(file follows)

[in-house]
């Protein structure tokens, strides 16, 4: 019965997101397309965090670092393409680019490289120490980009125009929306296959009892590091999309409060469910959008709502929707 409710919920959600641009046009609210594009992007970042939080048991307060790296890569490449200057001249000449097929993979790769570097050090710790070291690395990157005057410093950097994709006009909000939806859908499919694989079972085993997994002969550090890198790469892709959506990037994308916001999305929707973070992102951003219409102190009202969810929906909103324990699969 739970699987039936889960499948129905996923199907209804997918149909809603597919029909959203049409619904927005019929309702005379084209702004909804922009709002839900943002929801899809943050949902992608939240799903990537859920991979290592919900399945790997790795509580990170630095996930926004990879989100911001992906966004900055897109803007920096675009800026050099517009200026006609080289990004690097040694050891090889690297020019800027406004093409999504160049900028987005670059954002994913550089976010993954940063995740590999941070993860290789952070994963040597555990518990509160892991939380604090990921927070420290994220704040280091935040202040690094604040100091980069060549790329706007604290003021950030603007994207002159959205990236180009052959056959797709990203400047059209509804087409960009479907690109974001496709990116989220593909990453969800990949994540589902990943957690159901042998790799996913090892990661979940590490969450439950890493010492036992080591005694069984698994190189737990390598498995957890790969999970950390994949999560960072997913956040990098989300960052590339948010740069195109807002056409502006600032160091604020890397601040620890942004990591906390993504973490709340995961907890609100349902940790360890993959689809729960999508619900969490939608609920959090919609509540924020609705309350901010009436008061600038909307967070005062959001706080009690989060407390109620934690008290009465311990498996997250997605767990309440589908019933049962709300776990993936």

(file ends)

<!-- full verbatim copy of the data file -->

[in-house]
């Protein structure tokens, strides 16, 4: 019965997101397309965090670092393409680019490289120490980009125009929306296959009892590091999309409060469910959008709502929707 409710919920959600641009046009609210594009992007970042939080048991307060790296890569490449200057001249000449097929993979790769570097050090710790070291690395990157005057410093950097994709006009909000939806859908499919694989079972085993997994002969550090890198790469892709959506990037994308916001999305929707973070992102951003219409102190009202969810929906909103324990699969 739970699987039936889960499948129905996923199907209804997918149909809603597919029909959203049409619904927005019929309702005379084209702004909804922009709002839900943002929801899809943050949902992608939240799903990537859920991979290592919900399945790997790795509580990170630095996930926004990879989100911001992906966004900055897109803007920096675009800026050099517009200026006609080289990004690097040694050891090889690297020019800027406004093409999504160049900028987005670059954002994913550089976010993954940063995740590999941070993860290789952070994963040597555990518990509160892991939380604090990921927070420290994220704040280091935040202040690094604040100091980069060549790329706007604290003021950030603007994207002159959205990236180009052959056959797709990203400047059209509804087409960009479907690109974001496709990116989220593909990453969800990949994540589902990943957690159901042998790799996913090892990661979940590490969450439950890493010492036992080591005694069984698994190189737990390598498995957890790969999970950390994949999560960072997913956040990098989300960052590339948010740069195109807002056409502006600032160091604020890397601040620890942004990591906390993504973490709340995961907890609100349902940790360890993959689809729960999508619900969490939608609920959090919609509540924020609705309350901010009436008061600038909307967070005062959001706080009690989060407390109620934690008290009465311990498996997250997605767990309440589908019933049962709300776990993936």